Repurpose It named Westpac Top 20 business of tomorrow

Victorian recycling and resource recovery company Repurpose It has been named one of Westpac’s Businesses of Tomorrow for 2018.

The program showcases businesses that have shown adaptability, resilience, value to customers and a readiness to meet challenges of the future.

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Repurpose It was named one of the top 20 businesses and will receive a two-week study tour to Silicon Valley and a tailored $50,000 professional services package from their choice of select providers offering legal services, PR and communications, customer relationship management and management consulting.

Repurpose It’s George Hatzimanolis said the company is extremely proud to be recognised as one of this year’s top 20 Businesses of Tomorrow by Westpac.

“Selected from over 2000 applicants across multiple industries, we are honoured to represent the resource recovery sector and hope to demonstrate the innovative spirit that is strongly engrained across our industry as we convert waste to resource for future generations,” George says.

Repurpose It is in the process of installing Australia’s first construction and demolition waste washing plant, which will treat the residual waste from materials recovery facilities (MRFs) and process it back into materials suitable for civil construction. Based in Melbourne, Repurpose It will wash materials including rail ballast, glass, excavated materials and demolition waste fines.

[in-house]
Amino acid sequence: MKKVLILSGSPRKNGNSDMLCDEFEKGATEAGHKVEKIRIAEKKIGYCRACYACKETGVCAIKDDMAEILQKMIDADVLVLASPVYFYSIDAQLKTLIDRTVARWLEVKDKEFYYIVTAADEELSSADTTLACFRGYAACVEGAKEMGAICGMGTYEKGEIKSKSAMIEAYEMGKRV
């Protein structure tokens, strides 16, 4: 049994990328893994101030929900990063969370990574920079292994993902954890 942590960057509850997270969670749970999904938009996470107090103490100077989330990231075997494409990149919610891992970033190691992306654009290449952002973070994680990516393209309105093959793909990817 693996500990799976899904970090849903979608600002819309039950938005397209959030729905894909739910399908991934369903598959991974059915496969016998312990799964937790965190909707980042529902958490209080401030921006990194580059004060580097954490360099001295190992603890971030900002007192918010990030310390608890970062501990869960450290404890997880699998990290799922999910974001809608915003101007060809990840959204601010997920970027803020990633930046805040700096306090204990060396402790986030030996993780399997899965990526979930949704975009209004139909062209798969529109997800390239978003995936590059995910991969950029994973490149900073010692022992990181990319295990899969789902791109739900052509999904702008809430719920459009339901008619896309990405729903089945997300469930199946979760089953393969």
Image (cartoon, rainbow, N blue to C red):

The top 20 will also take part in a mentor matching program with notable Australian business leaders.

Westpac Business Bank Chief Executive and 2018 program judge David Lindberg said this year’s applicants demonstrated the scale of movement of the Australian economy into a digital world.

“The digital economy is predicted to be worth $139 billion by 2020 to the Australian economy – as a key driver of change in the future. This year’s businesses reflect the drive that’s disrupting and shaping the industries they operate in,” he said.

“Almost three quarters of the top twenty businesses are directly involved in technology or software development and this year also saw an increase in microbusiness applicants, including early stage tech businesses, which increased almost threefold from 2017.”

“This tells me leading Australian businesses are capitalising on the opportunities for growth. They’re breaking new markets, developing technology that helps people with autism gain employment, providing better analysis for solar energy users, using technology to make prescription glasses more durable and affordable and transforming waste into useful materials.”

Pictured: Repurpose It’s George Hatzimanolis.